|Part of "The Missing Generation"|
In 1995 I read Foolishness to the Greeks by Leslie Newbegin during my first semester at The Divinity School of Duke University. A driving thesis of this small but powerful text is that “the West” is a missionary situation and not a Christian culture. Newbigin, a long time missionary to India returned to his native England and realized that from the time he had left until the time he returned, the world had changed. He rang the warning bell that people of faith needed to begin acting like missionaries instead of rulers, and his warnings fell largely on deaf ears. Now England has only about 4% of its population as faithfully practicing Christians.
When I read this Protestants were still the majority across the United States. The mega-church movement with its seeker-sensitive approaches and amazing levels of theatrical production were growing, every year more churches than ever passed the 1,000 in worship mark and it looked like revival was coming, Christianity would prevail, and the Kingdom would come. But I had a feeling, an intuition, an hunch that we were where England was when Newbigin wrote the book. That the world was changing, even in the Bible-Belt of the United States, and that we needed to live like missionaries rather than rulers of culture. Now, almost twenty-years later we have come to realize that most of that mega-church growth was a result of urbanization and the attraction of already practicing Christians away from smaller, mainline churches to the bigger, better, programming model of mega-churches. The socio-graphic needle reflecting the number and frequency of church attendance really didn’t move and has, in fact, began to flicker backward. Last year protestants, the backbone of American Christianity, fell below the majority and the only segment to grow were the “Nones.” All of our assumptions about how we “do church” have fallen on culturally deaf ears and we must rethink the entire focus of our endeavors. Welcome to the mission field.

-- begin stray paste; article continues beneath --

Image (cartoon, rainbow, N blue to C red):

Here are some recent NPR reports from a current series entitled Losing Our Religion that may help in our understanding of what it means to live the missionary life.